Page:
The legacy of poet Alexander Pushkin looms large over Russia’s literary landscape. The author of Eugene Onegin was born in Moscow and there you can visit two museums devoted to his life and times – as well as the statue on the square named after him and the nearby haute-russe restaurant that also bears his name. Prioritise the Pushkin Literary Museum, which provides a thorough overview of the historical events that influenced the writer and also reverentially displays his personal effects. Fans might also want to swing by the Pushkin House-Museum, where the poet lived with his wife Natalia Goncharova for three months after their marriage in 1831.
Novelist Leo Tolstoy also chalks up two museums in Moscow: the modest Tolstoy Estate-Museum, where the author of War and Peace and Anna Karenina spent winters with his family between 1882 and 1901; and the Tolstoy Literary Museum, packed with manuscripts, letters and artworks about the writer.
A contemporary of Tolstoy, playwright Anton Chekhov lived in a red-painted house in the city for four years before decamping to a country estate at Melikhovo. It was here that Chekhov penned The Seagull and Uncle Vanya. Also finding solace and inspiration in Moscow’s outskirts was Boris Pasternak, the Nobel Prize–winning author of Doctor Zhivago. His house-museum is in Peredelkino, a village of brightly painted dachas (summer houses) where the poet is also buried.
Back in central Moscow, statues of two roguish characters from The Master and Margarita greet visitors to the Mikhail Bulgakov Museum. The satirical writer lived with his wife Tatyana Lappa in apartment 50 of this art nouveau block for several years in the 1920s. Nearby, you can stroll around the pretty Patriarch’s Ponds, which features at the start of The Master and Margarita as the place where the devil appears in Moscow.
The writer perhaps most associated with St Petersburg, the former imperial capital, is Fyodor Dostoevsky. Walking tour companies have made quite a business out of creating itineraries based on the places where the author lived and the locations he used in novels including Crime and Punishment and The Idiot. A museum occupies Dostoevsky’s final home near Vladimirskaya metro station, outside which is a statue of the writer. Pay your respects at his grave in Tikhvin Cemetery within the precincts of the Alexander Nevsky Monastery, an atmospheric location where Dostoevsky keeps company with the likes of composers Tchaikovsky and Mussorgsky.
Not as well known in the English-speaking world but highly revered in Russia is the 20th-century poet Anna Akhmatova. Her tragic life under communism informed her work, and you can learn about both at the excellent Anna Akhmatova Museum at the Fountain House, in the apartment where she lived between 1926 and 1952. Nathan Altman’s famous portrait of a regal Akhmatova from 1914 hangs in the Russian Museum, and several statues of the poet are located around the city, including a 3m-tall bronze that stares forlornly across the Neva River towards Kresty Prison – a notorious (and still operational) facility where both Akhmatova’s son and common-law husband were incarcerated during Stalin’s time of terror.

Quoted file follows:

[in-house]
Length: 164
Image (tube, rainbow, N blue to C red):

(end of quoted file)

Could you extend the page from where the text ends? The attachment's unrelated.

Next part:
St Petersburg is also associated with Pushkin: you can visit the site where the Romantic poet was fatally wounded in a duel on 8 February 1837 and the flat where, later that day, he died. A statue of the bard, typically crowned by pigeons, stands on Arts Square.
Western European Russia
‘Happy is he who is happy at home’, wrote Leo Tolstoy. Never was the writer more content than at his country estate of Yasnaya Polyana, 14km south of Tula. This bucolic estate, where Tolstoy was born and enjoyed a ‘bath of country life’, has been preserved just as it was when the writer passed away in 1910. His unmarked grave is in the nearby forest, and inside the estate’s main house you can view artefacts of his aristocratic family.
The model for the fictional town of Skotoprigonyevsk in The Brothers Karamazov, Staraya Russa is an idyllic town on the banks of the Polist River. It was here that Dostoevsky spent several summers and wrote much of his celebrated novel. The dacha that was the author’s base is preserved as a museum; elsewhere in town the Dostoevsky Cultural Centre hosts temporary exhibitions and organises tours.
Ivan Turgenev’s most famous work is Fathers and Sons, a novel that was met with such a hostile reaction at the time of its publication in 1862 that Turgenev left Russia. In happier years, the writer grew up and spent much of his adult life at Spasskoe-Lutovinovo, an estate given to his family by Ivan the Terrible located 65km north of Oryol. Particularly charming is the lilac-painted wooden villa that was the main family home. In Oryol itself you’ll also find several literary museums devoted to local men of letters, the most famous of which is that of Nobel Prize winner Ivan Bunin.
More Nobel Prize winners
Scattered to the north and south of Russia are two more locations that are associated with Russian writers awarded the Nobel Prize. Aleksandr Solzhenitsyn described the Solovetsky Islands in the White Sea as ‘the mother of the gulag’. These remote islands, one of which is home to a 15th-century World Heritage–listed monastery, had long been used as a place of exile before Stalin deemed them perfect for his forced labour camps. The islands feature in Solzhenitsyn’s major work Gulag Archipelago.
Opened in 2015, the Sholokhov Museum-Reserve in Rostov-on-Don is devoted to Mikhail Sholokhov, a Nobel laureate in 1965. His most famous works – And Quiet Flows the Don and The Don Flows Home to the Sea – are epics of Cossack life before and during WWI and during the Russian Civil War. The Don River flows through this gateway to the Russian Caucasus and promenading along its banks is one of Rostov-on-Don’s highlights.